From the writer whose work has been called "truly, hellishly gritty" (Los Angeles Times) comes a gnarled mystery with shades of Philip K. Dick and James Ellroy.
In a parallel near future, a ship named for a jellyfish sinks into the Caribbean with its captain chained to the mast. Left behind is a logbook missing ten pages, presidential DNA hidden in a brick of smuggled cocaine, and a nearly completed novel. Tipsy, the dead sailor's sister, and Red Means, his erstwhile employer, travel from San Francisco to the Caribbean and back as they attempt to unravel a mystery that rapidly widens from death at sea to international conspiracy.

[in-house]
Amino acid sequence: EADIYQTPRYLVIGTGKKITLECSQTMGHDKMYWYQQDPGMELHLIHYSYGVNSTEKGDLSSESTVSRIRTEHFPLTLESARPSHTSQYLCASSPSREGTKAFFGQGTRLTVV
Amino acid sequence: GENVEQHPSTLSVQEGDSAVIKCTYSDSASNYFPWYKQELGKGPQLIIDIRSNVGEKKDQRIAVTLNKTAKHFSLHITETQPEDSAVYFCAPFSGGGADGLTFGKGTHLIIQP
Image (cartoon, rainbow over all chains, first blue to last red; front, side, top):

With verve and humor to match the Illuminatus! trilogy, Nisbet has fashioned an engaging facsimile of our modern world, albeit with snappier dialogue, amped-up technology, and even more clearly stated political prejudices.
I have no idea of what was supposed to be going on in this book. It was a very strange indulgence by the author of his stream of consciousness which didn't interest me in the slightest. I'm sure that it may make sense towards the end but life is just too short.